Because of that, I surfed for the facts about the act. I snatched some from Wikipedia, and I find them very informative:

  • – a bow is a social gesture used to show politeness or courtesy
  • – prominent in China, Korea and Japan
  • – originated as a gesture of subordination
  • – bowing is not only reserved for greeting, but it is also a gesture of respect
  • – different bows are used for apologies and gratitude
  • – some bows are used to express humility, sincerity, remorse, and deference
  • – some bows are used in traditional arts and religious ceremonies
  • – bows are generally divided into 3 types: informal, formal and very formal

The young man’s handsome face surely reads that I find the gesture weird and at the same time fascinating. I am sure he does it out of respect and to show courtesy. A plus point?? 😀

Just to share something for the day. Bow!

Bow!

I find it odd that a friend of my daughter does the repetitive bowing each time we meet. Each time he safely brings her home and I meet them at the door, he does this seemingly incessant bows accompanied by a greeting. When he leaves, he does the same. Sometimes he does the short, repetitive, and crisp bows. There was a time, I remember, that he bowed at a deeper angle. It was like a mannerism actually. I had already asked my daughter if his parents are Japanese. Not one is a pure Japanese. But his father and a relative works in Japan I was told. His grandmother has a very little percentage of Japanese blood. Those do not explain why he acts in that manner. But could it be that the guru is the grandma?

I don’t have anything against the young man, and this is not gossiping (my dear daughter, this is not, because I am not from showbiz he he). This is not a telltale also. The thing is, I haven’t met anybody who greets that way, and leaves that way, too. There is a bonus with the gesture actually – an almost shy but sincere smile.

Because of that, I surfed for the facts about the act. I snatched some from Wikipedia, and I find them very informative:

  • – a bow is a social gesture used to show politeness or courtesy
  • – prominent in China, Korea and Japan
  • – originated as a gesture of subordination
  • – bowing is not only reserved for greeting, but it is also a gesture of respect
  • – different bows are used for apologies and gratitude
  • – some bows are used to express humility, sincerity, remorse, and deference
  • – some bows are used in traditional arts and religious ceremonies
  • – bows are generally divided into 3 types: informal, formal and very formal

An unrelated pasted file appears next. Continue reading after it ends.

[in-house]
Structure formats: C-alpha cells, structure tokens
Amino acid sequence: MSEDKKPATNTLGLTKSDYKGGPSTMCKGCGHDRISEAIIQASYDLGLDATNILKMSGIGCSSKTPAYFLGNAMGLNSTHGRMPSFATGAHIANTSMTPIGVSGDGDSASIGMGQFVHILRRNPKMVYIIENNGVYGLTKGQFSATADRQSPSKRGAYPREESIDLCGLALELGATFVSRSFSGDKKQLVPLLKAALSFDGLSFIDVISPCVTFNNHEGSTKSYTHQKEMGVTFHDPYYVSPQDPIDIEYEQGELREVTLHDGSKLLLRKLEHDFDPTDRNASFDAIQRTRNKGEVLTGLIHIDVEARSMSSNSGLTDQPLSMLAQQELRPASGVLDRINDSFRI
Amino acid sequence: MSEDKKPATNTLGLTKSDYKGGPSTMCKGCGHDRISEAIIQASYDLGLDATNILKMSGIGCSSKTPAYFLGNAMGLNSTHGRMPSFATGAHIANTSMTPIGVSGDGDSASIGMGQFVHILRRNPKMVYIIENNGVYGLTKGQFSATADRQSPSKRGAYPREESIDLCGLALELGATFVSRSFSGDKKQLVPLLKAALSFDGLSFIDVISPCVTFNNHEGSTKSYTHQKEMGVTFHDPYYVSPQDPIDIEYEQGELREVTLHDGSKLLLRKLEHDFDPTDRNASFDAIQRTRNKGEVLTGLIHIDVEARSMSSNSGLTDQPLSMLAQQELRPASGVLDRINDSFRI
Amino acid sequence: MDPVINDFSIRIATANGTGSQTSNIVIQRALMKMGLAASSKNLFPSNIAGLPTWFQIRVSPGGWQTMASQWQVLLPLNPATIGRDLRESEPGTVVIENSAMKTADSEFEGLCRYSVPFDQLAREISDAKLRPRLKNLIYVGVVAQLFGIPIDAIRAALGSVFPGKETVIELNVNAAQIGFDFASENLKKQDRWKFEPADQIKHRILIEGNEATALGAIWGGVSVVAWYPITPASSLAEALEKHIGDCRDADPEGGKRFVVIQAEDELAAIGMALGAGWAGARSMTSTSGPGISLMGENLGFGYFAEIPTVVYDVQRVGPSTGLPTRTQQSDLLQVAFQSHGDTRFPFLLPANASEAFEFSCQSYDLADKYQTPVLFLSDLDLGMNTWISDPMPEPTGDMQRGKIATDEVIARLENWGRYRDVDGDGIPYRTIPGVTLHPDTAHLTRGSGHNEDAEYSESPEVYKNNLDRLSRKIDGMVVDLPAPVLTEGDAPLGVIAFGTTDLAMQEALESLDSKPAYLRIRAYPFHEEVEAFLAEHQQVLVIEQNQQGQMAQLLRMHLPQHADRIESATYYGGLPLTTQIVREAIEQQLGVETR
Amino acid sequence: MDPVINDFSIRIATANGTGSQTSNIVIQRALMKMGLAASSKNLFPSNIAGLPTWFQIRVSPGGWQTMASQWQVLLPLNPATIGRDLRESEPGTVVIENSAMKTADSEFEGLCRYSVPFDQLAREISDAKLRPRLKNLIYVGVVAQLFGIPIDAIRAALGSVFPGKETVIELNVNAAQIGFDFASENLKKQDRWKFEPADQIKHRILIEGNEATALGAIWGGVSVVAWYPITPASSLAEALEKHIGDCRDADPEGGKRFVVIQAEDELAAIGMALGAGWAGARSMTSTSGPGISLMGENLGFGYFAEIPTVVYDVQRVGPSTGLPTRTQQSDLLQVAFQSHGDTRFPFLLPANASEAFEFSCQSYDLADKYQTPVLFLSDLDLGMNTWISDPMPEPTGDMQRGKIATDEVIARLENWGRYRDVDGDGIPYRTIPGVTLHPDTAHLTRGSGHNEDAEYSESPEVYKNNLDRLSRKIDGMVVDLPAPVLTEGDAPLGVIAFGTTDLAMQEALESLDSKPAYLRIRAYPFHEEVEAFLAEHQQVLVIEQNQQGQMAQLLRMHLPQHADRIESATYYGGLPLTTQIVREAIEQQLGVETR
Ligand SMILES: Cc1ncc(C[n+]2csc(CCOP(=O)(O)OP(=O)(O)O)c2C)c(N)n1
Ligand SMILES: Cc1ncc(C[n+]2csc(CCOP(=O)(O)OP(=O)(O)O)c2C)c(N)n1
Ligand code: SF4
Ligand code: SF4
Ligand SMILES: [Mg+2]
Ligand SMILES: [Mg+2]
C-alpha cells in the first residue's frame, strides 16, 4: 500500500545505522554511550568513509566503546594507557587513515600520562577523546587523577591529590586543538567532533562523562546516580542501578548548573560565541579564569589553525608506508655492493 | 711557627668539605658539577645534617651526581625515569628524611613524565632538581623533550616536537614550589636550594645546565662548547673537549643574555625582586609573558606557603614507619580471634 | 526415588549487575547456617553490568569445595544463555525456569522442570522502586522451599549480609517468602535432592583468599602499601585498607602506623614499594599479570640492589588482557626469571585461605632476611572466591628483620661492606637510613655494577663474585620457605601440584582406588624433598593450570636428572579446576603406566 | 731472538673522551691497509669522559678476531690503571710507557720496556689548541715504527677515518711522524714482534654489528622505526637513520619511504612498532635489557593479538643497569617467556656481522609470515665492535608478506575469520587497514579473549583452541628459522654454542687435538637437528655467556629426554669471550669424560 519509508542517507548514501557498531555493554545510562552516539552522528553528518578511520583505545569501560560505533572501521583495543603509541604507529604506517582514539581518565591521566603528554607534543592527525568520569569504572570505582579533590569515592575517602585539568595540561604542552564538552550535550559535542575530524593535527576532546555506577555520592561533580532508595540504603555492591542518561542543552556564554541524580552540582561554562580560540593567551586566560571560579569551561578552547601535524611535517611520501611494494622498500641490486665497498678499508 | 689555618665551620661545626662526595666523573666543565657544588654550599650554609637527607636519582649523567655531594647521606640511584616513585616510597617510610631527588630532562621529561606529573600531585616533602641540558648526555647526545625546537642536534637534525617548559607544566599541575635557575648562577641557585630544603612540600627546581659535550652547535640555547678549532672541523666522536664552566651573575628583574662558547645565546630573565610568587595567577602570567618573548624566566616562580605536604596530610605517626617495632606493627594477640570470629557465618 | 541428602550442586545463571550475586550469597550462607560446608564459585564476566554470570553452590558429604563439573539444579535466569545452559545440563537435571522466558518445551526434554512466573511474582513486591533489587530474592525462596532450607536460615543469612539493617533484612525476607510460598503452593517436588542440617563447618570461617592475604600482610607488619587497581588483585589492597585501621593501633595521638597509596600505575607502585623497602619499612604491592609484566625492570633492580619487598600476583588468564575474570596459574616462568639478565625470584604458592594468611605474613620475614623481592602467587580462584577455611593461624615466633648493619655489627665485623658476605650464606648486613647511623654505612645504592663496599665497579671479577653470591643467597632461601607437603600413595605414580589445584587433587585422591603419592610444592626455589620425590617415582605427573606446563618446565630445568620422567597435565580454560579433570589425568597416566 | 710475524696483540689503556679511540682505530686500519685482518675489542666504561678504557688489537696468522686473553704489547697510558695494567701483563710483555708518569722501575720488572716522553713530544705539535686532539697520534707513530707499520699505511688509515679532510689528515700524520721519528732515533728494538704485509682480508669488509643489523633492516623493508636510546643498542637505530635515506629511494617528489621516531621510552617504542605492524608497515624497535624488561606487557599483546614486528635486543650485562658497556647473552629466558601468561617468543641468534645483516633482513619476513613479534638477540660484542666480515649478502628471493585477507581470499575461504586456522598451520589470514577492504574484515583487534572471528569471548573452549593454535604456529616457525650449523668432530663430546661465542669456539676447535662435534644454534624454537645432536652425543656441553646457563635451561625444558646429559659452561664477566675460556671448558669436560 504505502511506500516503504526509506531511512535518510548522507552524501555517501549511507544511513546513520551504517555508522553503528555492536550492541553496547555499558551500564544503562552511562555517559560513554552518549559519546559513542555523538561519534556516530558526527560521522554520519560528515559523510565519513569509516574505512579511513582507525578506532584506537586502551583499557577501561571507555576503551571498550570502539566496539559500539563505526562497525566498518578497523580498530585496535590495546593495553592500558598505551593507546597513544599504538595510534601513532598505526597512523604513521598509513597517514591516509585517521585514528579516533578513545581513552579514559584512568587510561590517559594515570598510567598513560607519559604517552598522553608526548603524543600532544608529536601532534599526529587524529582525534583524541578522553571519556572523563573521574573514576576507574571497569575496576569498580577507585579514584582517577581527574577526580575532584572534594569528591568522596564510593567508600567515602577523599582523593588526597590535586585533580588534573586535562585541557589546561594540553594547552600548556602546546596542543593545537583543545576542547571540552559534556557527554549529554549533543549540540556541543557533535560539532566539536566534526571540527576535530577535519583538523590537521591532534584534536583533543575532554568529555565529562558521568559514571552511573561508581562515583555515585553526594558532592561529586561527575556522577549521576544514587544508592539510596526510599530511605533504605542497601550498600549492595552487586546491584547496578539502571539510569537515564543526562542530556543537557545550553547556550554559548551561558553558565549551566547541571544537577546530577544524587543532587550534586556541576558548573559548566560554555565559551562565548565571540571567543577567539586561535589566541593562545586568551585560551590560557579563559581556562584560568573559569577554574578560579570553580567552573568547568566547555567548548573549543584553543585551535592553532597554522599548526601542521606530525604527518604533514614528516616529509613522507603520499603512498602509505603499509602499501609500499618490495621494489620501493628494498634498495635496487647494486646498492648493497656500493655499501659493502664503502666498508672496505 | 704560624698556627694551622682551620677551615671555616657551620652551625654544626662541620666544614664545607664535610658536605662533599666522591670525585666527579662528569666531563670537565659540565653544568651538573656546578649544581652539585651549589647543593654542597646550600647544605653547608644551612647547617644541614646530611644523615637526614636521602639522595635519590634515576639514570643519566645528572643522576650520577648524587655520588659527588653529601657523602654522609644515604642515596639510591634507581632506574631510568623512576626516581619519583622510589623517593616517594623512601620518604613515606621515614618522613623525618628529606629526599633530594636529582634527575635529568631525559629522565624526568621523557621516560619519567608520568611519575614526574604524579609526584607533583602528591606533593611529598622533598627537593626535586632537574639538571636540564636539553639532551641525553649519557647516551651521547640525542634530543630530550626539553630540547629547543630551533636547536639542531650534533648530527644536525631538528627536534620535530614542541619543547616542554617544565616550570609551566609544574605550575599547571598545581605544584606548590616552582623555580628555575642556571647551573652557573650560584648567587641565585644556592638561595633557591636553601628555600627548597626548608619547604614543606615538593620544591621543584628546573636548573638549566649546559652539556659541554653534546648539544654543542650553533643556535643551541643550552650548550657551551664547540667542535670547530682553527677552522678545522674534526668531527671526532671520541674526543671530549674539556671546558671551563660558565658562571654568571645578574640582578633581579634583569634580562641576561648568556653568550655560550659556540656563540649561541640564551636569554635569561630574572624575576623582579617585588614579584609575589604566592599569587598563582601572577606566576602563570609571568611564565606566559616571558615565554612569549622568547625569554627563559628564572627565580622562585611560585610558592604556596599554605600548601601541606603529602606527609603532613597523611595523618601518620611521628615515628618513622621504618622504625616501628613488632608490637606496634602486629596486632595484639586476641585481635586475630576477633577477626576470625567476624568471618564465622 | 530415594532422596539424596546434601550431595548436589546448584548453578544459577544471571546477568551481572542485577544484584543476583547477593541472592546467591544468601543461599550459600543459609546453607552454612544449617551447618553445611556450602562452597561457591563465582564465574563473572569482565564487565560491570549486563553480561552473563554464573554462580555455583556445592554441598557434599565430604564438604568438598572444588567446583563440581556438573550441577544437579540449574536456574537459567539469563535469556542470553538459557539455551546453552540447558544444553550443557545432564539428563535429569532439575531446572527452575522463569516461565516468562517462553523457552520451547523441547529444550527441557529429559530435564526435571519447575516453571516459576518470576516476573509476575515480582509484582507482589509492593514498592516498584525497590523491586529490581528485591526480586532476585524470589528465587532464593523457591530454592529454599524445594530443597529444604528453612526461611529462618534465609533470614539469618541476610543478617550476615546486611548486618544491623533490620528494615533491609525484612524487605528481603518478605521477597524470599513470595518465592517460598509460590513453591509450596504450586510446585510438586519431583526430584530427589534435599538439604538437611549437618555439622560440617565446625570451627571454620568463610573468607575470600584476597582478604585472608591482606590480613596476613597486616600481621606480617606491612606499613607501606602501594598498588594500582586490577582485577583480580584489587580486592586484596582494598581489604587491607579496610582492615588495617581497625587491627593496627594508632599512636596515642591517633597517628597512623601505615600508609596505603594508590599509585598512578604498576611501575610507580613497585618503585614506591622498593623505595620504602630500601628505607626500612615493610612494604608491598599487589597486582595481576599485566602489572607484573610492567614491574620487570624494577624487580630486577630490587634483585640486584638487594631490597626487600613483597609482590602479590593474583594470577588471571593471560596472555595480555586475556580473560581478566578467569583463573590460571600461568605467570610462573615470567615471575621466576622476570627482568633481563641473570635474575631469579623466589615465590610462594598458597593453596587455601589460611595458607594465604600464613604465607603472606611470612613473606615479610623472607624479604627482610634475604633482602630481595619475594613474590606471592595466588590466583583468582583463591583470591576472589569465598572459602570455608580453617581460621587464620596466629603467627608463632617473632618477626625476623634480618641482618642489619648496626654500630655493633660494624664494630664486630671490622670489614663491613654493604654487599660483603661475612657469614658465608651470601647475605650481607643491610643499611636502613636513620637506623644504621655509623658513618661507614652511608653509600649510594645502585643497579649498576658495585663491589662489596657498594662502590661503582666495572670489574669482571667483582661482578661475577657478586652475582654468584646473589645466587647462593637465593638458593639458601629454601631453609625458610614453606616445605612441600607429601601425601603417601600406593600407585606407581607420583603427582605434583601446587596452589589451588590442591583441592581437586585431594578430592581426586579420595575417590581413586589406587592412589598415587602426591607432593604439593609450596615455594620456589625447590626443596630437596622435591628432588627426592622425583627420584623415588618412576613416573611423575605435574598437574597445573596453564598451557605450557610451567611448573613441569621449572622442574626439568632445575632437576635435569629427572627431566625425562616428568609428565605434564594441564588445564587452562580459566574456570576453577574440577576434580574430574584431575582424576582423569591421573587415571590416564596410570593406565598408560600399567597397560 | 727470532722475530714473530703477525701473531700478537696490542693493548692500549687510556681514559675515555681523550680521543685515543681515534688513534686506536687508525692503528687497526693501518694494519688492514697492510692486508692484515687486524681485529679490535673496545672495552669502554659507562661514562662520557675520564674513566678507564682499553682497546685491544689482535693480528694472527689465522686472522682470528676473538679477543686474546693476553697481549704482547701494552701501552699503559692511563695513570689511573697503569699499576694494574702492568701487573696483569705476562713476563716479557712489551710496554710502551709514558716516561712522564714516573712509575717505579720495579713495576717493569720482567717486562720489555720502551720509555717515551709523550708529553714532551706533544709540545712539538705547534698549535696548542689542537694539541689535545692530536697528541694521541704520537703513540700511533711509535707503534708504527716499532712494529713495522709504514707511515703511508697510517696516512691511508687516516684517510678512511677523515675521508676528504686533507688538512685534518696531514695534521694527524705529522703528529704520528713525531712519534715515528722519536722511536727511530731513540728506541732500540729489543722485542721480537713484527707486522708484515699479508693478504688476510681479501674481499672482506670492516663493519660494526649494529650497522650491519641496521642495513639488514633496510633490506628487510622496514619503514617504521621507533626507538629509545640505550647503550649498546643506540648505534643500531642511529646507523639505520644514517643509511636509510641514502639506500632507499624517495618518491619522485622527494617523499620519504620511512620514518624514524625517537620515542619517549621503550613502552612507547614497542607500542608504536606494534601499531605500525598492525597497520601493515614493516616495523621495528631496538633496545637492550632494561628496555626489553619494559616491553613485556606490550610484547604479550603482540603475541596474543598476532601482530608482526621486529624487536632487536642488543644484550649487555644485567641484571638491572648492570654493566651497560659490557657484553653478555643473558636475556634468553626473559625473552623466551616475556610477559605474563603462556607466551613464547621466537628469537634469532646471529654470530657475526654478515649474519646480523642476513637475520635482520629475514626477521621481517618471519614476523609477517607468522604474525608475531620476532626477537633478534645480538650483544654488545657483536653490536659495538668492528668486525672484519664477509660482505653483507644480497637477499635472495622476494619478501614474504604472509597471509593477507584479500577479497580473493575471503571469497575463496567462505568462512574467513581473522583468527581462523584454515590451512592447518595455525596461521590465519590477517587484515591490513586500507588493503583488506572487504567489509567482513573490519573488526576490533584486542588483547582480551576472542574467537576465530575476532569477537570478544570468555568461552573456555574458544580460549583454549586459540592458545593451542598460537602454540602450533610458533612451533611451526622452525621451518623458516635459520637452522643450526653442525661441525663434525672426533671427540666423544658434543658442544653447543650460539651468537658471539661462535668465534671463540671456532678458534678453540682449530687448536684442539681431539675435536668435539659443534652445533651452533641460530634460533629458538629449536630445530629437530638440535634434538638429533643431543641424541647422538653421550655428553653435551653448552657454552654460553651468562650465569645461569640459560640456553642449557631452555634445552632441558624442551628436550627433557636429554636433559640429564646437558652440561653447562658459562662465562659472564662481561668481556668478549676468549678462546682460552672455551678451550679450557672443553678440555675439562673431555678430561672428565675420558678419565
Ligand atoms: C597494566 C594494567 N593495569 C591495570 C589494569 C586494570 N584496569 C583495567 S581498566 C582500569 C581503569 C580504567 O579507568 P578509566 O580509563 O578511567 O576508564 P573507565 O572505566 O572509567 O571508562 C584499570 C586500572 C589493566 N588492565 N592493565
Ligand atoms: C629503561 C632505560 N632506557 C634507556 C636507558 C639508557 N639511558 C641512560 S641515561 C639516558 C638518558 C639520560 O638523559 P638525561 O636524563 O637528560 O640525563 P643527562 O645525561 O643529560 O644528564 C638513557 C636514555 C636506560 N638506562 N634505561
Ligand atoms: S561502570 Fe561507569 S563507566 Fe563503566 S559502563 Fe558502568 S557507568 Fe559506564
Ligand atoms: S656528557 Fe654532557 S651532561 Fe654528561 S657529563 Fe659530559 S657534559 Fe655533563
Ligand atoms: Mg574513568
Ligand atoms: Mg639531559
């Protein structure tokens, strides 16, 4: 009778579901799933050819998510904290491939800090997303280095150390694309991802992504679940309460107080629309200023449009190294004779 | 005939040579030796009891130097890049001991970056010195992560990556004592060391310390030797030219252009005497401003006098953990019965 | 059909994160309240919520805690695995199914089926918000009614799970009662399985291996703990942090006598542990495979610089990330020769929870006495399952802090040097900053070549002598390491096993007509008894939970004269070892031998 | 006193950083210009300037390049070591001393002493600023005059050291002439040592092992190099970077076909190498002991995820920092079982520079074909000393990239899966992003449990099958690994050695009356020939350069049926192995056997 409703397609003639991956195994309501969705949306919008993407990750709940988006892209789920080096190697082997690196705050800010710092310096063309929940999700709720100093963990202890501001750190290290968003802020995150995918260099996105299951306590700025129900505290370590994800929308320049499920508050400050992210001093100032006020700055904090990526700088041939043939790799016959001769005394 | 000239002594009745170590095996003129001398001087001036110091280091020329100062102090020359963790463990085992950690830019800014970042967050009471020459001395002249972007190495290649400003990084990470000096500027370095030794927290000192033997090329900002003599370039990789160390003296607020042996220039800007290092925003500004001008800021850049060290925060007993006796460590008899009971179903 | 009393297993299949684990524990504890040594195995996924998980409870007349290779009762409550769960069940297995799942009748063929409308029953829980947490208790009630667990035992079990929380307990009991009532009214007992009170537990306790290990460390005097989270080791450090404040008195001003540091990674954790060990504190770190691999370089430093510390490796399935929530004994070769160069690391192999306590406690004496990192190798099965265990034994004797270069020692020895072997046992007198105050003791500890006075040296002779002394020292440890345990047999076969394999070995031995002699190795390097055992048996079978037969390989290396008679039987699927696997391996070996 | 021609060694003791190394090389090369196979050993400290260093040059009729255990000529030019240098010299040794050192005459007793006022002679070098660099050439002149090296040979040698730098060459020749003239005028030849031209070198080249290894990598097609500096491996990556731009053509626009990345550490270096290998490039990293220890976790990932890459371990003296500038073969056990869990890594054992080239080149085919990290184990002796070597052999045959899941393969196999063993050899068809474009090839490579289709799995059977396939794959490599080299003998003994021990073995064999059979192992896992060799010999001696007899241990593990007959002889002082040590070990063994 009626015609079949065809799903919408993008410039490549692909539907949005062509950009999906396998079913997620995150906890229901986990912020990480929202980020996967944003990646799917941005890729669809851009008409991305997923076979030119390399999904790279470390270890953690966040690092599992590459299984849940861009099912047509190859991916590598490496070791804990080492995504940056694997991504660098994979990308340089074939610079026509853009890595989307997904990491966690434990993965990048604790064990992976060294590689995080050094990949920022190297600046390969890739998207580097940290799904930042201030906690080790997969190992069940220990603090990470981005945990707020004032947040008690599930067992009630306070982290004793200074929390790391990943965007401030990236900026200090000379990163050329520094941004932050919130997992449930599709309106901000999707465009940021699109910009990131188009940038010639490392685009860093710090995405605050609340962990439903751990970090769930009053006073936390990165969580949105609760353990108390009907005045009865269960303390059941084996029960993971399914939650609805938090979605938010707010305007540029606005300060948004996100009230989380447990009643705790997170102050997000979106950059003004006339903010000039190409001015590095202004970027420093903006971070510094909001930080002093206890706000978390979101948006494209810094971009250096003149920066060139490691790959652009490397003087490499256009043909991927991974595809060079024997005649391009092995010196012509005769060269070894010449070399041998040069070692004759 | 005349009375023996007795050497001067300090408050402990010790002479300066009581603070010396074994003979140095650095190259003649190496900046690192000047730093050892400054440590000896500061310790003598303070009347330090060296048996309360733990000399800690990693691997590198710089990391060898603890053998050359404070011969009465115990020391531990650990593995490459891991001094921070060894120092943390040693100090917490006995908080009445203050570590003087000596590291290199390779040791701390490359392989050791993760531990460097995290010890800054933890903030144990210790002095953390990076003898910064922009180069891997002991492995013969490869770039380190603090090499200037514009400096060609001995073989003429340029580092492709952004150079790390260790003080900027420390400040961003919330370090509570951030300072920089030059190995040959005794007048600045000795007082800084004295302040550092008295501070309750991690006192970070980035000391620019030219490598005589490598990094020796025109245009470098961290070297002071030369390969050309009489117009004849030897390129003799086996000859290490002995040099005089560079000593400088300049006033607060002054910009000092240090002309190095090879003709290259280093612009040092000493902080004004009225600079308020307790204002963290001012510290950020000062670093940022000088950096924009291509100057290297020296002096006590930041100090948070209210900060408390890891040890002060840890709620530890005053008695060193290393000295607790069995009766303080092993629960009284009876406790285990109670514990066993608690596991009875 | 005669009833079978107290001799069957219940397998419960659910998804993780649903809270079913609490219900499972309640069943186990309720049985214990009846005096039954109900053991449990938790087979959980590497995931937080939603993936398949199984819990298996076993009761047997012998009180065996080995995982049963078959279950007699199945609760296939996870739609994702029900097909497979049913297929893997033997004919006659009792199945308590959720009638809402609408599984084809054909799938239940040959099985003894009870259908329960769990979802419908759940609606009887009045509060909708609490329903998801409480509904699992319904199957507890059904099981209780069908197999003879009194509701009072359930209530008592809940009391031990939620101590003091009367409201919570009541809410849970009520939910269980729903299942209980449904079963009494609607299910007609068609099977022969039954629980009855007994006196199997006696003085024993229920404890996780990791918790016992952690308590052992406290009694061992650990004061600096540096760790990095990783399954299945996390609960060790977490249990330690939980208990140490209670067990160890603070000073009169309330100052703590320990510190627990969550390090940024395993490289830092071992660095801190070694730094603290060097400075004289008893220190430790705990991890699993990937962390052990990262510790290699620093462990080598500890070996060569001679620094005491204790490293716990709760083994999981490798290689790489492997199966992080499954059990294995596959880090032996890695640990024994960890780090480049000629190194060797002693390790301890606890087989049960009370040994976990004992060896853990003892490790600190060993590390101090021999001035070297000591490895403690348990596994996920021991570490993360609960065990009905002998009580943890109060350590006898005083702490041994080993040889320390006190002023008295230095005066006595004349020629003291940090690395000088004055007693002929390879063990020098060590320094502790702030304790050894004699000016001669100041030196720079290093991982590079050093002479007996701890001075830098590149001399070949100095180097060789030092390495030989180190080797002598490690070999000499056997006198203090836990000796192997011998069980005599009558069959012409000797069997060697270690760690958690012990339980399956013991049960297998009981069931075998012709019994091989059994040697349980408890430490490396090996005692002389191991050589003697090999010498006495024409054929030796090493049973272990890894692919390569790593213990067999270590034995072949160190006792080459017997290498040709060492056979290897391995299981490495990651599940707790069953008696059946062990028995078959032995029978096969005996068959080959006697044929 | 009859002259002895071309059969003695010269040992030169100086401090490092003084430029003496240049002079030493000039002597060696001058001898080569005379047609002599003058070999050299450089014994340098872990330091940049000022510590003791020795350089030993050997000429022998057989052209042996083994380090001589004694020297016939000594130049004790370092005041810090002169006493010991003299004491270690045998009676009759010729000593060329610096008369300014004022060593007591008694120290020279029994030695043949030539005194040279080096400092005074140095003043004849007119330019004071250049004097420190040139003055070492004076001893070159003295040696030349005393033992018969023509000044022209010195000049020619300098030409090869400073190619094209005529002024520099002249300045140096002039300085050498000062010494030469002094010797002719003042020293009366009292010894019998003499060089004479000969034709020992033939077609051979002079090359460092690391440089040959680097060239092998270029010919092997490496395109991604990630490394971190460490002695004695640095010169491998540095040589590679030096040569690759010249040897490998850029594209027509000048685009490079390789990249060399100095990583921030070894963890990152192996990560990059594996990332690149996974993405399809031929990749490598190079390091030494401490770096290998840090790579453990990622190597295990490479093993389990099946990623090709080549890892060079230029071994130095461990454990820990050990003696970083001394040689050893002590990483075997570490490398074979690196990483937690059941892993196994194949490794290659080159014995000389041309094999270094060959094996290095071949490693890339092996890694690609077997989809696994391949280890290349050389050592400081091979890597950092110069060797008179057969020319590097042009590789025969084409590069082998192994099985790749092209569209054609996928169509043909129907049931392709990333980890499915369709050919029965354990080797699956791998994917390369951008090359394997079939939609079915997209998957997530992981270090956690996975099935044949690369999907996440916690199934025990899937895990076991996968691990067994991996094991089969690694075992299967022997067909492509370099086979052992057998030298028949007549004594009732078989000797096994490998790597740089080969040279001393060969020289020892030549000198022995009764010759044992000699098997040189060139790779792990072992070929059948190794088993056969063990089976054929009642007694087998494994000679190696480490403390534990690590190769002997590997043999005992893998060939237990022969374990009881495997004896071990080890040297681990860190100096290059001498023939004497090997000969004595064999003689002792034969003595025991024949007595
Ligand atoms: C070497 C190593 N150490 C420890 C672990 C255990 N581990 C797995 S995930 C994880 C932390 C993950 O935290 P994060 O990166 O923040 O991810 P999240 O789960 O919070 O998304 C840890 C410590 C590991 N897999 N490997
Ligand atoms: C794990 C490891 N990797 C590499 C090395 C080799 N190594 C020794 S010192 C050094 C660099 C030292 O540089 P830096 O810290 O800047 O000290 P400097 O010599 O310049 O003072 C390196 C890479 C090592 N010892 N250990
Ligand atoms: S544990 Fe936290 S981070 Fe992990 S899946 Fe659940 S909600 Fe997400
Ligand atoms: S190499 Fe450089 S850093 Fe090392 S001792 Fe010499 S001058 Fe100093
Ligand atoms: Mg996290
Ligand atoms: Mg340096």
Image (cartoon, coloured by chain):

The young man’s handsome face surely reads that I find the gesture weird and at the same time fascinating. I am sure he does it out of respect and to show courtesy. A plus point?? 😀

Just to share something for the day. Bow!

Secrets Revealed According to Her

Secrets revealed according to her. Because of a post by her and by him, I decided to update my long forgotten blog in Filipino. I decided to change the domain name. I first exported the contents of the old Sa Aming Wika to the new one. It was not really difficult. The process involved only a few clicks.

The reason why I did this is to gain access to the blogroll which does not function in the old Sa Aming Wika. I don’t know why this is so.

😦

My recent post in the new Sa Aming Wika talks about secrets. It dwelt on the question – Are you going to tell a secret to somebody or keep it to yourself? If you like to read the post you can visit the site here -> Sa Aming Wika. But if you like to answer the question here, please feel free to do so.

Secrets Revealed According to Her

Secrets revealed according to her. Because of a post by her and by him, I decided to update my long forgotten blog in Filipino. I decided to change the domain name. I first exported the contents of the old Sa Aming Wika to the new one. It was not really difficult. The process involved only a few clicks.

The reason why I did this is to gain access to the blogroll which does not function in the old Sa Aming Wika. I don’t know why this is so.

😦

My recent post in the new Sa Aming Wika talks about secrets. It dwelt on the question – Are you going to tell a secret to somebody or keep it to yourself? If you like to read the post you can visit the site here -> Sa Aming Wika. But if you like to answer the question here, please feel free to do so.

Over-indulgence is a sin

Another little drink wouldn’t do us any harm.

– Edith Sitwell (1887 – 1964)

Warning:  Men can be faced with rape charges doing it with drunk women.  See the news.

So munch on, crunch on, take your nuncheon,
Breakfast, supper, dinner, luncheon.

– Robert Browning (1812 – 1889)

Warning:  Obese women can put their health and their children’s at risk during pregnancy.  See the news.

Children, in general, are overclothed and overfed. To these causes, I impute most of their diseases.

– William Cadogan (1711 – 1797)

Warning: Children’s clothing doesn’t have to be offensive to be stylish.  See more of the news.

Nothing is more fatal to Health, than an over Care of it.

– Benjamin Franklin (1706 – 1790)

Warning:  Over-indulgence to health information on the internet can fuel hypochondria. See more of the news.

Minds like bodies, will often fall into a pimpled, ill-conditioned state from mere excess of comfort.

– Charles Dickens (1812 – 1870)

Warning: Idleness can lead to drug abuse and delinquency among youth.  See the news.

Pleasure’s a sin, and sometimes sin’s a pleasure.

– Lord Byron (1788 – 1824)

Warning: Disregard for safe sex practices results to the rise of sexually transmitted diseases. More of the news.